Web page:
Aside from Goodsir and Crozier, the characters who makes the biggest impression are the human “villain,” caulkers mate Cornelius Hickey, and the mute Inuit woman whom the men call “Silence.” Hickey grows slowly like an infection among the crew, added to piece by piece until he reaches a devilish deification. He even has a thuggish slow-witted muscle-bound sidekick. If The Terror were made into a film—something I would love to see, although it would make a tough sell to any studio—then Tim Roth should play Hickey, no question. It was impossible to put the actor out of my mind when I was reading about Hickey’s vileness. Silence, a beautiful native women (the book uses the then-current spelling of “Esquimaux” to describe her) is almost as much a mystery at the beast on the ice, and gives the touch of the other-worldly (not to mention a needed bit of femininity) to the story. And who ripped out her tongue by the roots?
And what about our monster, the reason that many people who often don’t read historical fiction will give The Terror a shot? There’s not much I can explain without spoilers, and actually Simmons provides only sketches of the menace anyway. The men of the two ships seem to lack an effective way of describing it. It’s an powerful literary beastie because it remains so elusive. Even though the story appears to offer an answer to its identity, I still don’t think it’s meant as a solution. I feel let down with the way the monster gets handled in the end, but I’m not unhappy with how Simmons handles the creature’s nature. It’s just mysterious enough, and also makes just enough full-blooded appearances to serve the right dollops of fright and gore for the novel.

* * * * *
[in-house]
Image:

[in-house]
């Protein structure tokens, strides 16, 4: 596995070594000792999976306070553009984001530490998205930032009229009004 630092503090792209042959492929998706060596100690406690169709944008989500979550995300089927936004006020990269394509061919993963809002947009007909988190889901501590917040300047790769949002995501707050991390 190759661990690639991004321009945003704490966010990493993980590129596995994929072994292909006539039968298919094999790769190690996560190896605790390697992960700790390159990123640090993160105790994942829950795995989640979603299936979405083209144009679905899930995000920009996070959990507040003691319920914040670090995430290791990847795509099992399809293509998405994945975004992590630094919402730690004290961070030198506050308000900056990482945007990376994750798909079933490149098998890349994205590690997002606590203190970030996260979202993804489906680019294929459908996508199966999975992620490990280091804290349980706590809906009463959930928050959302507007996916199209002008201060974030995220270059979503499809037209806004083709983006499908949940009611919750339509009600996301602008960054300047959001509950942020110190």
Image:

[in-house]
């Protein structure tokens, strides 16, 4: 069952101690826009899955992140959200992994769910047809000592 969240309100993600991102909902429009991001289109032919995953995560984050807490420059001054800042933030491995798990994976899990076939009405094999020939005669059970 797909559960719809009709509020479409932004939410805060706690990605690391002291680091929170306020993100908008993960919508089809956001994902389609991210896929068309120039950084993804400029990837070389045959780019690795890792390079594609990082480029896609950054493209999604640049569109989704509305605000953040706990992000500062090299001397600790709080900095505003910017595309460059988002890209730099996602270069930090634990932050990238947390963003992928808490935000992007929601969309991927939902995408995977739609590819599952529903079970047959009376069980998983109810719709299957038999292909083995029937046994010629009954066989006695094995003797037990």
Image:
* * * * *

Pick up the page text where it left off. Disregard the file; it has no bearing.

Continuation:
Considering the book’s sheer length, it will have some padding and slow parts. Yet there are surprisingly few of these. Even Crozier’s memories to his failed romantic endeavors in England don’t slow the story to a full-stop. A period without the monster attacks still holds it own because the characters are going through the worst of the Arctic hell and splitting up amongst themselves. But readers should know that the naval details will sometimes freeze up parts of the story. There’s always a few surprises ahead, so keep trudging through the ice.
And drink your orange juice.